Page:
Picking the Goods
From vintage-style signs to one-of-a-kind furniture, this sprawling Kennebunk shop is packed full of classic finds
Antique dealer and furniture maker Cynthia Hamilton was recently scoping out a store in Freeport when she came upon something unexpected. “I found this little apothecary chest that I had built myself over 30 years ago,” she recalls. Although she’s made thousands of pieces over the years, it was quite the thrill to find one of her designs being resold right here in Maine. “I was so excited, I had to buy it. Now it’s over there,” she says, gesturing out the window at her cozy blue house, which is located just across the parking lot. “Right at home.”
We’re sitting at a table made from reclaimed pine in Hamilton’s two-story store located off a picturesque country road in Kennebunk. Next door is her workshop where she handcrafts furniture from new and reclaimed wood (her favorite material to work with is pine). For over 40 years, Hamilton has been building new furniture, restoring antique pieces, and scouring antique markets all over New England for vintage treasures. She sells these wares to treasure-hunting shoppers from around the country in her barn-red shop, Americana Workshop, which specializes in classic American- style home goods and decor. “I chose the name because it’s all-encompassing,” she explains. “It’s rustic, but it can also be a little bit beachy. It’s classic. Red, white, and blue—that’s me.”
Dressed in a denim button-down, Hamilton fits right in among her shelves of wrought-iron hooks (some shaped like birds, others like moose) and North American−made goods such as whiskey- and tobacco-scented candles and wood dining chairs crafted in Quebec. “It’s been bonkers busy,” she says. “But every two months, I make time to go up to Quebec. I’ve been going with my dad since I was eight, and I have some pickers there who find and buy things just for me. Whenever we go, we fill the truck.”
Originally from the Moosehead Lake region, Hamilton comes from a family of woodworkers (on her mother’s side) and antiques dealers (on her father’s side). “It was natural for me to go into the business,” she explains. “And after I had been in the antiques business for a few years, I realized that a lot of people were making money restoring furniture.” She did them one better: “I decided to learn to make furniture,” she says.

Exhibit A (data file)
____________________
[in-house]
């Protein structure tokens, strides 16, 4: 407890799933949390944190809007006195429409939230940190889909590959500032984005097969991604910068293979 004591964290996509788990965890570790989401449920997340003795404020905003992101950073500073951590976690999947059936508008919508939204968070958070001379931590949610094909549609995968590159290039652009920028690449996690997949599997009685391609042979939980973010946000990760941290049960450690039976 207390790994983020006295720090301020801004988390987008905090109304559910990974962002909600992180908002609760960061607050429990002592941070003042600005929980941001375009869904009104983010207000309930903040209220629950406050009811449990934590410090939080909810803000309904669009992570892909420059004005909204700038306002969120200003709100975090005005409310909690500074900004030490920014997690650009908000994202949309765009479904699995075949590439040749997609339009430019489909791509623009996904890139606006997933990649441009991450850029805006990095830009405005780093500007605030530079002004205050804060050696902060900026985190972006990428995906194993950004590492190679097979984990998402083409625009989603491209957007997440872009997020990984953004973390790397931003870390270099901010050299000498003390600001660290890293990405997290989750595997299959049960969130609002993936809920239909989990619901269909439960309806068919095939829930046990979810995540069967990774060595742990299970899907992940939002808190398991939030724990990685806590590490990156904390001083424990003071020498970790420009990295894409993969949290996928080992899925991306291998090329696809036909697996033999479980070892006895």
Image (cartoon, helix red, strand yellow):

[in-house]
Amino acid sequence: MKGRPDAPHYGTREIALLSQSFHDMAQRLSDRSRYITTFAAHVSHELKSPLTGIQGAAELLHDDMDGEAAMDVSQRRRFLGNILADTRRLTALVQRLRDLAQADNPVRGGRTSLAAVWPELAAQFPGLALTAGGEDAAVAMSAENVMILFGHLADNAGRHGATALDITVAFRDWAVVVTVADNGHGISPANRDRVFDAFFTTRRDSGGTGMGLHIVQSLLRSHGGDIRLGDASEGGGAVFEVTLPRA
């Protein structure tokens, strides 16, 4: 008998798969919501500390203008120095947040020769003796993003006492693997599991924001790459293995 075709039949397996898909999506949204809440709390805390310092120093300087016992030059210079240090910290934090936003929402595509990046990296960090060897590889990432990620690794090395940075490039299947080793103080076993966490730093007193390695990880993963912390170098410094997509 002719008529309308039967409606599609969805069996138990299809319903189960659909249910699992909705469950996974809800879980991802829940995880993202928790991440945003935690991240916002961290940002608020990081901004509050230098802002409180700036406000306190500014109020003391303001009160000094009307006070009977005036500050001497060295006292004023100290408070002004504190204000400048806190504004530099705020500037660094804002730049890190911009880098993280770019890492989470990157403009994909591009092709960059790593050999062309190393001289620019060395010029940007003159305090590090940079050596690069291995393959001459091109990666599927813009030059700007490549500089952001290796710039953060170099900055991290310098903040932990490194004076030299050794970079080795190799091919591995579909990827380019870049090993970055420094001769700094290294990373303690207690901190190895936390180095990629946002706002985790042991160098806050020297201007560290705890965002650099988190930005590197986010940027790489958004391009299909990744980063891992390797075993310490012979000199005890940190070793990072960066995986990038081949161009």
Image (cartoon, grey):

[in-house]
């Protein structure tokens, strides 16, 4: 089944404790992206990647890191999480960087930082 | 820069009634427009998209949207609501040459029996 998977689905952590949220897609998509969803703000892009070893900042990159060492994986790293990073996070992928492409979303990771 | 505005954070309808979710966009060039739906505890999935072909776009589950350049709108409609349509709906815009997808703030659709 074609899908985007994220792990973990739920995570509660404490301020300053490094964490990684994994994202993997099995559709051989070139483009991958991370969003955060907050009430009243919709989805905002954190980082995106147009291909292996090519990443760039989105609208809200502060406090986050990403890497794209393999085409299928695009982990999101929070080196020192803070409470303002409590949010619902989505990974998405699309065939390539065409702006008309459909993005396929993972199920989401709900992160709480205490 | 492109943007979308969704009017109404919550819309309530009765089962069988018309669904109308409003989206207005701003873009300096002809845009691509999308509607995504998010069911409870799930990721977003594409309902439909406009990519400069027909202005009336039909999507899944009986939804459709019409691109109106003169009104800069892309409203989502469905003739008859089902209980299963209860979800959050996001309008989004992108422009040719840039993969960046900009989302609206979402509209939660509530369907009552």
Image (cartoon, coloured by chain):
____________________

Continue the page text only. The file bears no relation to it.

Hamilton is self-taught, but you wouldn’t know it from looking at her cabinets or tables, many of which are made from reclaimed wood. “This one is made from 200-year-old barn-wood planks found in Florida,” she says as she draws her hand along the rustic surface of a dining table. “Wood like this is something special.”
While Hamilton’s furniture is the standout element at Americana, there are plenty of pieces to tempt those looking for smaller finds, including two-foot-tall green glass Italian bottles used to import olive oil, mirrors framed in reclaimed windows, and intricate antique quilts, napkins, and tablecloths. Vintage-style signs hang on every wall. Unlike genuine vintage wood signs, which can go for up to $600 a pop, these replicas are priced between $125 and $225. “I like a little bit of everything,” says Hamilton. “But one thing I’ve always collected are antique teddy bears. I always have 15 or 20 of those in the store.” Baskets, she says, are always popular with both tourists and locals.
“The customers dictate what the store becomes,” says Hamilton. “When it comes to any piece, if I sell one, I always buy two more.”
Tips for buying & restoring antique furniture
- Create relationships with your local antique dealers or flea market vendors. Once a picker knows your style, they can grab pieces specifically for you—that’s how Hamilton says she lands many of her vintage finds.
- If you find a beautiful piece of old furniture that is suffering from a terrible paint job, don’t immediately discount it. Sterling 5F5, a furniture stripper, should do the trick. “It’s the best out there,” says Hamilton. When it comes to application, she says, “it is all about technique.” Paint the stripper on using smooth swipes that all go in one direction, rather than back and forth. Let it sit for 20 minutes, then use steel wool to remove the unwanted paint.
- It’s important to recognize a good piece when you see it, so Hamilton recommends looking at the joinery. “We always look for dovetail drawers,” she reveals. “It’s all about the construction. And never buy veneers: stick to solid wood for a longer life.”
- When it comes to styling your home, Hamilton suggests buying one
great piece and working around it. “People sometimes come in with a tape measure looking for something that will fit a certain spot,” she says. “I think it’s better to go with your gut. If you see something that speaks to you, redo your area around that piece. It’s not always about the measurements.”